It’s Out There, But Too Many Chase the Wrong Targets – Or Accept Fallacious Excuses
Conventional wisdom has it that discretionary order flow has become largely non-existent because the buy-side has to pay for research obligations. In some instances, this is true. Yet the degree to which lack of discretionary order flow has been blamed for failed business development is the stuff of myth.
Order flow is out there. Unlike the unicorn, it can be captured.
Would you believe that:
- Up to 75 percent of market-wide commission wallet is portable.
- 58 percent of surveyed traders at firms with more than US$10 billion equity AUM say 80 percent or more of order flow is completely discretionary.
- Discretionary order flow is based on trading philosophy, order handling expectations, wallet size, and consideration for research payment – not “what is left over” after paying for research.
We surveyed trading managers about their percentage of discretionary order flow1. “Discretionary” was defined as “the ability for traders to direct order flow without any consideration given to payment for research services.” Their answers were surprising:
The majority, 58 percent, consider 80 percent or more of their order flow discretionary. A whopping 37 percent indicated that all order flow was directed with no consideration for research obligations.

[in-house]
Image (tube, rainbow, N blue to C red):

These figures are eye-opening. They suggest that, contrary to widely-accepted industry assumptions, a significant proportion of order flow is available to brokers seeking additional business. They also contradict the purported need of most investment managers to use most – if not all – order flow to meet research commitments.
The people who should know say it just ain’t so. But why do so many smart, experienced professionals believe it, and repeat it almost like a mantra?
It is possible that buy-side traders are telling the sell-side flow is not available because it is being directed to competitors and they simply do not watch to switch. (Fatigue from being over-marketed may top the list of their reasons.) We believe some sell-side personnel, tasked with growing revenues and market share but unable to do so, resort to using this argument to maintain to protect themselves in the “comfort” of the status-quo.
The size of buy-side firms is telling in identifying those with order flow to offer, as our survey results show.
Large and small institutional investors have the most discretionary order flow; middle-tier the least. The proportion of firms that have high levels of discretionary order flow surprised us, but the breakdown across market segments makes intuitive sense.
Bigger is better: 85 percent of large institutional investors indicated that 2/3 or or more of their order flow is discretionary. Contrast this with 63 percent of small firms and 48 percent of the mid-tier.
Translated into projected commission budget, this means as much as 75% of the 2015 U.S. equity trading commission spend is up for grabs.
The percentage of discretionary order flow, and the means by which the buy-side elects to route order flow, is based on a combination of factors: trading philosophies, activity, size of wallet, and use of research. Research does not rule.